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classic drama about the original 'angry young man'
on 19 May 2001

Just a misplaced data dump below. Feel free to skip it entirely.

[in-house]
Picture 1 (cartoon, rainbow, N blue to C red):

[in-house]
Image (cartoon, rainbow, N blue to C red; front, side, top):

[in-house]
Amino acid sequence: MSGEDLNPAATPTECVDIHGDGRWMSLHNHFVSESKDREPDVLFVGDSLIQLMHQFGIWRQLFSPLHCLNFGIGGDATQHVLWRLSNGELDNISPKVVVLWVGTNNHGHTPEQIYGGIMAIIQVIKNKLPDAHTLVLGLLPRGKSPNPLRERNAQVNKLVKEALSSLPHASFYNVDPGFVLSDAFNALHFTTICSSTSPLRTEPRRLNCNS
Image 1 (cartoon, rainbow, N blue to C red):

Look back in Anger is not only a classic of the British theatre, it also had reverbatory effects around the world upon its release in the 1950s. The play features some of the most vivious confrontations and acidic language I have ever read, and is ideal material for male and female monologues. Jimmy, the protagonist, has perplexed audiences and directors alike - how can any woman stand to live with him, let alone be drawn back to him after seemingly 'escaping'? But that is the lure of Jimmy's character - his sheer charisma. He is a James Dean for the English middle-classes, without the stunning looks, but with more reasons to rebel. The imagery of the play is at once subtle and exciting: Osborne is a master at creating visual and audio contradictions. In LOOK BACK IN ANGER this is manifested in the contrast between the bestial (animal) imagery, the unbridled lust of the protagonists, and constant reminders of religion, the Church, and the 'proper' society that Jimmy wishes to tear Alison away from. It is a drama of passion, bitterness and regret, with a shocking climax and a disturbingly ambiguous conclusion. Essential reading.